I'm continuing the challenge that I saw on I Push Book's blog to surprise yourself by randomly selecting a book from your TBR list. I think this used to be an official sign-up type of challenge, but it lapsed. Lucky for me people with expanding TBR lists kept it up long enough for me to notice it. Anyway, I plug in the size of my goodread's TBR list and then read the book that a random number generator spits out.
Last month I finished the June book, Kiss Me Deadly, a collection of paranormal love stories (mostly ending poorly, at least in terms of the love part) edited by Trisha Telep.I'm pretty sure I found this book because of Sarah Rees Brennan, because I love her take on teens, even angsty teens, and will stalk her all over the world and the internet to read her stuff. Her story about Peter Pan as a British secret agent made me smile, especially with the great-great-granddaughter of Wendy and her mace and her sensible attitude. That one ended well, although not in terms of the love part. The rest of the stories featured other young paranormal types struggling with their vampiric natures, their sense of themselves as monsters, and other common tropes representing the feelings of adolescents. I, as an old fogey, did get a bit tired of all the roller coaster emotions by the end, so I was happen that the last story came from the point of view of a parent, dealing with the loss of a child in a world where many people come back as zombies after a "death event." There were other authors I knew, a few writing in worlds that I knew, and a few whose worlds look interesting enough to revisit, although none that I immediately tracked down. A fun book of short stories, in other words.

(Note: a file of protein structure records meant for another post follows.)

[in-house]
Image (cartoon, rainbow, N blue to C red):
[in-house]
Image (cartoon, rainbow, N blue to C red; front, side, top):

The July book gives me a chance to be caught up, because it's a picture book! Zip! So I can go back and look at the books I missed because of my library fast during the beginning of the year. Anyway, the library brought me The Fantastic Flying Books of Mr Morris Lessmore by William Joyce. Beautiful and unsettling but also searingly lonely. I always hope books bring me to other people through their stories, but the people in this book are completely isolated. (I don't think kids will worry about that though -- it's a happy book on the surface.)